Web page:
Again, the symptoms, where the pain might be, do not only look at the foot. We are foot and ankle specialist who really treat the lower extremities. So I watch these kids walk, I watch patients walk constantly. I want to see what’s going on with that foot. I want to know the angle of gait, I want to know the influence of frontal plane deformity. I want to see the position of the knee.
All of these factors come in to play. How clumsy, how awkward they are. When the heel comes off the ground, as the rear foot supinate, does the calcaneus invert? Is the tibialis posterior functioning the way it should? Or is it in a compromise position because the axis is altered by the hyperpronation?
So we look at x-rays and we see the effects of this hyperpronation syndrome. I showed you before the obliteration, sinus tarsi, the talus coming down, same line often broken anteriorly, and the superimposition of all metatarsals, that’s my supinatus component. That’s what happens with severe hyperpronation syndrome.
And with the supinatus, the medial column is coming up, and when you go into the final propulsive phase, you’re going to jam the great toe joint.
So let’s look at the goals. What’s a good surgery approach?
I want to control three planes, sagittal, transverse, and frontal. Where I differ with Merton Root, who was a dear friend of mine, by the way, I learned a lot from Mert, is he thought because we have triplanar motion at the subtalar and midtarsal joints, those joints can only move in three planes, so if you are able to control one of those three, you’re going to control the other two. It doesn’t work in a pediatric population.
So if we take a look at this little diagram, we could see very nicely how the entire foot wants to move away from the ball and socket talonavicular articulation. So many, many years ago, as I thought about trying to control and reposition the foot, I realized I’ve got to actually swing this entire foot back in front of the talus. The talus functions in gait as a leg bone, so an extension of the tibia, it’s locked in the ankle mortise. So there’s no way I’m going to bring that back by itself without trying to bring the leg back. I can’t do that so easily.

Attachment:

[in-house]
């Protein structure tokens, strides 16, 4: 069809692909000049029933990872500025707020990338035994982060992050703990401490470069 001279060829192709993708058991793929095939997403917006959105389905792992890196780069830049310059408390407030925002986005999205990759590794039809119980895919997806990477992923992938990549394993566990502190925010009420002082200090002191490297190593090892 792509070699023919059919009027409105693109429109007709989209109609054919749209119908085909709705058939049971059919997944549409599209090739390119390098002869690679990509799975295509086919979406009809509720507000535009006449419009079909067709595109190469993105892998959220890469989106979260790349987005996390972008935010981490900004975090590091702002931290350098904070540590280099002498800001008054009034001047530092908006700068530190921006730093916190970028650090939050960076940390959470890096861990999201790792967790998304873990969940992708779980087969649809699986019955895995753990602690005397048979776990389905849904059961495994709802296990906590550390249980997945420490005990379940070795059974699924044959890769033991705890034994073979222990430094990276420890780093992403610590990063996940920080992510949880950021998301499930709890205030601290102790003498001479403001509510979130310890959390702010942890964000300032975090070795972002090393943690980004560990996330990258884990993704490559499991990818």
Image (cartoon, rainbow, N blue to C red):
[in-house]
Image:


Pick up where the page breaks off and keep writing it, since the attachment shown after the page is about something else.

So what if I can reposition forefoot on rearfoot and then prevent this from happening? A regular orthotic is not going to be able to do that. The ball and socket joint is that dominant. When we look at in a transection, you could see in the neutral position to slightly supinated versus the pronated position.
So the talus, plantar flexes and adducts, the calcaneus is moving away, here’s my spring ligament underneath, I’ve got no basket of support. And the interosseous talocalcaneal ligament is somewhat compromised. That’s what I was talking before about that component of laxity within the joint or peritalar subluxation. Is that severe?
One must be very suspect when you see a foot that looks this flat and this everted. Is it the foot itself or must we be looking somewhere else?
I already mentioned genu valgum or tibia valgum. What about ankle valgum? So when I take X-rays of my patients, especially in this age group, I’m taking a dorsal plantar and lateral view. I’m also taking ankle views to be sure that I don’t have a deformity in the ankle complex, which makes it that much more difficult to do anything at the level of the foot to treat.
Now here’s a good example. Mother, child. And you start to see, here’s that nice HAV, and we’re starting to see the pronation effect. Look at this, as this is starting to drift somewhat, and this foot pronating more.
Limb length discrepancy, by the way, is another problem area. When you have a limb length discrepancy, unilateral bunions, the biggest cause that I’ve seen through the years, pronation on the long side, limb length discrepancy, and it doesn’t have to be more than a quarter eight, to a quarter of an inch. The body tries to compensate for it, supinate one side, pronate the other side. So the bunions are always on the pronated side. It doesn’t take rocket science to realize the association of pronation and HAV deformity.
So here, take a look at this foot. Here’s a juvenile hallux abducto valgus. Look at this, talus is outside, moving away from the talus. This even has a little bit of a gorilla form navicular. So it’s still somewhat in the cup but it’s actually misleading, it’s probably out about here.
The forefoot goes lateral, pulls the hallux with it. Why? The adductor transverse an oblique head, pull the sesamoid and the base of the proximal phalanx. They go with the foot. This is a ball and socket joint. First MPJ, I’d consider a ball and socket joint in a younger patient.